Ticket 'checks' at Baildon - what's the point?

Discussion in 'Fares Advice & Policy' started by sheff1, 1 May 2015.

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  1. sheff1

    sheff1 Established Member

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    Yesterday evening I arrived at Baildon and staff were present at both entrances asking for tickets. At the main entrance, of the 20 or so people who alighted, 7 had no tickets, including at least 3 who had been waiting near me at Guiseley (a station with both an open booking office and a working ticket machine).

    However, the 'checker' had no obvious means of issuing tickets, never mind Penalty Fares, and merely said to the ticketless (once the ticketed had passed through) "next time make sure you get a ticket" and they were on their way, having had free travel.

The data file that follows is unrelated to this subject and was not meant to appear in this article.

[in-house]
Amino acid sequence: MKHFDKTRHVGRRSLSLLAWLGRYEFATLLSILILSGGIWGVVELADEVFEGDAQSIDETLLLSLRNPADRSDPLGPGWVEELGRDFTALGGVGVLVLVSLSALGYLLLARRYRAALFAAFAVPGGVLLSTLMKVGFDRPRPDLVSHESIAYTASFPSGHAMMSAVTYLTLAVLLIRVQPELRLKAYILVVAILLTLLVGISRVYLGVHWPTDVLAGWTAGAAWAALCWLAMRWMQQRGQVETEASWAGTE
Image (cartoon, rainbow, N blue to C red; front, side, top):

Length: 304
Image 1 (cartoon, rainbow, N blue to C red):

Surely the basic requirement if someone arrives without a ticket is to sell them one and, I would have thought, a warning of the possibilty of a PF/prosecution. If the person employed to check tickets has no means of selling one I fail to understand the point of them being there - certainly the ticketless travellers seemed unperturbed (and they had the demeanour of regular commuters rather than occassional users).

    Can anyone enlighten me as to the purpose of these 'checks'?
     
  2. Adam0984

    Adam0984 Member

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    Not all STMs are ticket machine trained so you sometimes get where out of the 2+ that are there none are able to operate it. Even less are PF trained and they tend to stick to main stations. What they are doing it recording what time train and how many fare evaders or unable to purchase tickets there were on each train so northern and the dft can analyse the hotspots for future revenue protection exercises
     
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